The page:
It has been *yet another* historic week in parliament.
Not only did the House of Commons deliver an astounding blow to Theresa May and her Brexit deal, with MPs voting the plan down 432 to 202, but just a day later the PM was forced to see off a no-confidence challenge to her government, tabled by Labour leader Jeremy Corbyn.
But where does all the turmoil in Westminster leave the UK – and Brexit? Are we any closer to leaving the EU, or is it going to be scuppered by a deadlock in parliament? Will Theresa May still be prime minister this time next week?
Here’s everything you need to know.
Is Brexit Still Going To Happen?
It’s fair to say the state of May’s Brexit deal – which still includes the controversial Northern Irish backstop clause – looks pretty perilous.
The plan was rejected in the Commons by a whopping 230 votes – the largest defeat in history for a sitting government. May has now launched talks with opposition parties in a bid to find a last-minute compromise to break the current deadlock.
But – strange as it may seem – at the moment, the popularity of May’s deal will have no standing on whether Brexit actually happens.
Under Article 50, which the government triggered back in 2017, the UK will leave the EU at 11pm on March 29, regardless of whether a deal has been struck.
May herself said as much in the wake of her historic defeat, telling reporters on Wednesday: “The government’s policy is that we are leaving the European Union on the 29th of March.”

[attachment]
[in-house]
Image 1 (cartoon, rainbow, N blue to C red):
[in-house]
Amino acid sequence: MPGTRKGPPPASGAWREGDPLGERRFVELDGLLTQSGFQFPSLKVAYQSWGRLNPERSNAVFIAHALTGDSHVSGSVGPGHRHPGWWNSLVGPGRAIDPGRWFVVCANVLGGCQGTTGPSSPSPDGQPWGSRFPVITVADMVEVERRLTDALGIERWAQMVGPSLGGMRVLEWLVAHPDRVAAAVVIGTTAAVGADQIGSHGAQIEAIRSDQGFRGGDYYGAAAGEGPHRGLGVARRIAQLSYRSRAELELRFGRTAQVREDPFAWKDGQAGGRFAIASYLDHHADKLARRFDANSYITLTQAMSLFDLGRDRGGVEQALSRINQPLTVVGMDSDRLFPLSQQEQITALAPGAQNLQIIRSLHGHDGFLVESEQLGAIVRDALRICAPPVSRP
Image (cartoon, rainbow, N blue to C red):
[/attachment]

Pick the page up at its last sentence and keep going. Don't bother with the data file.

The EU would only extend the deal “if it was clear that there was a plan that was moving towards an agreed deal,” she added.
The Brexit train has left the station, folks.
Will There Be A Second Referendum?
Support has been building for a second referendum in recent days. On Thursday, senior Tory Remainer Sarah Wollaston told HuffPost UK she was throwing her weight behind a so-called People’s Vote, calling for a free vote for MPs on a fresh EU referendum.
It followed reports that some cabinet ministers had been pushing for the same thing.
But despite Wollaston’s amendment – which she said would reveal support for a people’s vote from “very, very many” ministers – a second referendum looks pretty unlikely at the moment.
Labour leader Jeremy Corbyn has shown little enthusiasm for the idea, instead preferring to try and force a general election and get his party into power.
Meanwhile, a government document shared with opposition MPs during Brexit talks suggested it would take more than a year to organise another referendum.
However, the Electoral Commission – the independent body which regulates elections – said the government had not approached them about a People’s Vote.
Will There Be A General Election?
Okay, so a second referendum is unlikely. How about a general election?
It’s the option Corbyn has his heart set on. Despite losing this week’s confidence vote, the leader has made it clear he is ready to table multiple confidence motions in the hopes of forcing an election. (Here’s how that would work.)
Meanwhile, it was reported on Thursday that top civil servants had been told to draw up contingency plans for a snap general election as a way of ending the Brexit deadlock in parliament.
But – unfortunately for JC – an election is also pretty unlikely at present. As long as the DUP – the government’s confidence and supply partner – back May in confidence votes as they did on Wednesday, the government is likely to remain undefeated. This effectively puts a damper on Corbyn’s election dreams.
But, as we all know in these unprecedented times, all of this could change on the toss of a coin.
Good luck everyone – here’s to another action-packed week.